Kelly Arnstein, a UX Designer from the University of Glasgow, also spoke about UX writing, recommending pair writing and team crits, and made the following specific recommendations:

Key points for content writing

This list itself looks like a good example of clearly structured written content design!

An app called Hemingway was also recommended for checking the readability of writing.

UX Challenges: Introducing a Complex New System

Kelly Arnstein also spoke about the user interaction challenges of implementing a new multi-factor authentication system for the University of Glasgow.

University services like Office365 are frequently targeted in brute force and phishing attacks, resulting in compromised accounts.

Multi-factor authentication was introduced with the aim of reducing the 95% of information security incidents at the University that were caused by compromised user accounts.

Multi-factor authentication involves combining two factors to verify identity:

  1. Something you know (eg username, password)
  2. Something you have (a device: phone / tablet)

The design context

The following slide describes the design context, and the problem:

The design context: introducing multifactor authentication at the University of Glasgow

Massive growth in service use, finite helpdesk resources, Microsoft design constraints and extreme variability among already stressed users all contributed to the challenge.

User journeys

The team identified several different possible user journeys:

  • Users who didn’t have the app
  • Users who did have the app
  • Users who didn’t know if they had the app or not
  • Users who didn’t have a device
  • Users who didn’t want to download the app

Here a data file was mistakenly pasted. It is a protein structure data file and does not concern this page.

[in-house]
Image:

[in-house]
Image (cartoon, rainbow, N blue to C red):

It sounds like a very mixed group of people to provide for! Here is how they managed the challenge:

  • The team started work in Word and Google docs to reduce distractions.
  • They checked the writing with Hemingway.
  • They used the CMS to check for structural issues.
  • They used wireframing to test out alternative layouts and structures.
  • They used moderated and unmoderated testing.

Getting a job in UX Design

Jack Garfinkel, a Content Designer for Scope, posted this user story that describes what a hiring manager would look for in a UX design hire:

A hiring manager's user story

A very relevant user story! It’s interesting to see the importance of combining user centred design methods with the use of data to inform that design.

In particular, he said,

I want to see you tell a story like this:

  • My research showed that users needed X, so I did X
  • When I tested it, I found out Y
  • Because of Y, I changed Z

One interesting use of data that was mentioned was the use of Google Analytics for search engine optimisation. Google’s own Analytics Academy was recommended as the best resource for learning the skills to work with that.

What can we all do to help create user-focused content?

I’ll let Lauren Tormey have the last word with these recommendations:

  • Carry out user research
  • Develop prototypes of interfaces
  • Collaborate more closely with content practitioners
  • Follow the Readability Guidelines in our writing

And – don’t let content be an afterthought, be an advocate for it!


(Screenshot from UX Glasgow's meetup, slide by Lauren Tormey.)